It’s gonna need some tweaking if you want the best experience.
It’s normal to feel some trepidation when you’re cracking open a fresh laptop. It’s brand new tech with the latest operating system; are you going to break it? Is it going to break itself? Will you be able to quickly and easily import all of your stuff? These are valid questions, but before you start filling up that new lappy with cat pictures, there are a few little errands you might want to tend to.
Check for Updates
A new laptop usually won’t have the most recent Windows updates pre-installed. It’ll check automatically and install stuff in the background, but if you want to skip right to the punchline, just open up the Updates & Security section of your settings and check manually. If there are updates available (and there probably will be), it’s best to install them and do all that restarting first before you start futzing with anything else.
Pick Your Favorite Web Browser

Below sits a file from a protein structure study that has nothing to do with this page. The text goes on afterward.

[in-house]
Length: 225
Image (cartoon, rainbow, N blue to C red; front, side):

Windows computers come pre-installed with Microsoft’s default browser, Edge. Edge is… well, I’m sure Microsoft is very proud of it, but if you want a different browser, you’ll have to download it yourself. Open up Edge and search Chrome or Firefox whatever it is you’re partial to, download it, and install it. You’ll usually get a prompt when you open it for the first time to make it your default browser, but if you don’t, you can set your default browser in the Apps section of your settings.
Dump the Bloatware
Speaking of pre-installed stuff, Windows computers tend to have a lot of programs pre-installed that are, for lack of a nicer word, worthless. You’re not gonna use them, and all they’re doing is taking up space, so just dump ’em. Scroll through your Start menu, and if you see anything extraneous, just right-click it and click Uninstall. If you’re worried about removing something important, just Google the program first to make sure it’s safe to remove.
Set Your Power Plan
If you’re going to be carrying that laptop around with you a lot, you’re definitely going to want to tweak the power usage to suit your needs. Laptop batteries ain’t infinite, even less so the longer you own one. Find the little battery icon in the lower-left system tray (you might need to click the little arrow if it’s hidden). Open your Power and Sleep settings, followed by additional power settings to choose a plan. If you need to get more time out of your battery, choose Power Saver. If you’re engaged in something processor heavy and you need more speed, choose High Performance. For all other times, it’s probably fine to just stick with Balanced.